Writing Rising Action

A writing adage warns writers not to burn down the tree in the first chapter. Think of this as a plea to save writing your story’s jaw-drop moments for the best spot in the story timeline.

Writing Tip for Today: Here are some ideas for building tension by saving those high-stakes moments:

Tell Yourself the Story

We’ve all told others our most dramatic stories. The time you nearly drove your car off a cliff. When you nearly forgot which twin was which. The moment you had to break up a midnight fight between your sons. All of these moments are dramatic. And yes, they happened to me. But where should they be on the story’s timeline?

If you lead off your story with one of these jaw-drop dramatic moments, how will you top that? A tree that burns will start with a spark that grows in intensity. If the tree just explodes, readers will likely feel let down. If they experience such a heart-pounding event in your story’s beginning, only to read less dramatic events afterward, the tree is a cinder too soon.

As you write, remember the way you might relate your story orally. If you sit around the campfire, you likely will save the highest action/emotion/event for the climax of the story. Writers often attempt to grab readers’ attention by leading with a dramatic moment. But if you can’t raise the tension for every scene which follows, your story will suffer. Remember to ignite the tree first, then build the flames branch by branch.

Withholding

One way to both grab opening attention and save the highest drama (tree burning) for near the story’s end is to withhold vital information. Withholding information crucial to understanding the event helps to foster tension. Readers can keep wondering how the pieces of the event fit together. If you build the tree burning branch by branch but omit the forest fire raging, readers won’t see the wildfire for the tree. (sorry!)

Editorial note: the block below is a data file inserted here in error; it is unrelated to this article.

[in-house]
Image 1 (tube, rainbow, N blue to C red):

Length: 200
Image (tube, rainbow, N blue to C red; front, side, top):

Many stories use this technique to both satisfy and surprise the reader. A twist such as the character learning at last where he/she belongs can build tension throughout the story by withholding certain bits of needed info. For example, in my above example of forgetting which twin is which, I never tell readers that the twins are boy/girl fraternal until the very last moment.

Be careful with this withholding technique. You don’t really want to withhold too much of your character’s emotions as he/she battles through different conflicts on the way to getting what he/she wants. The best stories let emotions, attitudes and actions build into what’s known as rising action. The pieces you choose to withhold must be keys which unlock a mystery. Rising action (drama that gets more intense with each scene) helps keep readers reading.

Rising Action keeps readers reading.

Foreshadows and Plants

Foreshadowing gives hints early in the story but leaves out the climax and resolution. If the conflict is the high point (biggest obstacle) your POV character faces in pursuit of the goal, build that tension slowly. Think of it as stacking tension, with each new scene a little higher in drama than the one before it.

Planting hints or brief introductions early in the story will help readers get a sense of what is at stake and intuit the eventual climax. For instance, let’s say your character has a conflict with another character, but that second character doesn’t come on scene until a scene well-past the midpoint.

By letting the second character briefly come on scene earlier in the story, readers will already be familiar and can logically follow the ensuing conflict. By foreshadowing and planting the hint of the big climax in the story’s beginning, you can set up a logical, satisfying and dramatic climax. When that tree finally incinerates, readers will be ready.

About Linda S. Clare

I'm an author, speaker, writing coach and mentor. I teach both fiction and nonfiction writing at Lane Community College and in the doctoral program as expert writing advisor for George Fox University. I love helping writers improve their craft and I'm both an avid reader and writer of stories about those with wounded hearts.

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